Risk and Failure
We say we admire risk-takers. Maybe that's true, but we do little to cultivate them in schools because we punish failure. AJ Juliani, one of my favorite bloggers and ed-tech writers, has written some posts celebrating failure. I love, love the idea of doing this. His class mantra is, "Sometimes you win, sometimes you learn." (I'm stealing that one for my class.)
There are so many sayings, cliches, and truisms about learning from failure. A quick google search finds gems such as:
- “Success is most often achieved by those who don’t know that failure is inevitable.” - Coco Chanel
- “Only those who dare to fail greatly can ever achieve greatly.” -Robert F. Kennedy and this wouldn't be an ed-tech blog without a Ken Robinson quote:
- “If you’re not prepared to be wrong, you’ll never come up with anything original.”
Any honest self-assessment of schooling must lead us to the conclusion that we do not encourage risk-taking in schools. Failure is uniformly seen as bad. We either equate failure with lack of effort or we refuse to acknowledge the difference between them. A great teacher of mine, +Russ Walsh, used to talk about this in relation to the downsides of grading student writing. He posited that if we were going to punish kids (take away points/ give lower grades) for misspellings and grammar mistakes then our students were going to write a lot more safe (and boring) stories about big dogs than riskier stories about enormous pterodactyls. By punishing risk-taking and rewarding playing it safe we create kids who are risk-averse. I'd extend this argument to suggest that most school practices create kids who are risk averse. As long as we punish kids for mistakes (and don't say we aren't punishing them) this will remain true. Go ahead, take a risk! But risk a poor grade. It's a game only a rebel or sucker would play.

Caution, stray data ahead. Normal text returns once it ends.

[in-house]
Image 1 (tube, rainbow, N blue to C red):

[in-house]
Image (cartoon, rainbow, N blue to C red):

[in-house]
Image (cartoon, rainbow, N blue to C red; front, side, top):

Next year, I will be teaching 12th graders, most of whom are very used to and very good at the traditional rules of the game and who have been trained to be risk averse and who are desperately worried about getting into college. I plan to incorporate some genius hour/ 20% time in the course. I will want to celebrate spectacular failure. I will want kids to aim high and think big. And when it doesn't work out, I will want them consider how to do it better next time. I hope I can pull it off, but if not I will remind myself that sometimes you win and sometimes you learn.
In the spirit of solidarity, I will also acknowledge and reflect upon my failures publicly with the students. This is going to be a very different kind of high school history course. It is my first time teaching it.
This will be a big paradigm shift for me as well. I like being successful. I'll let you know how it goes.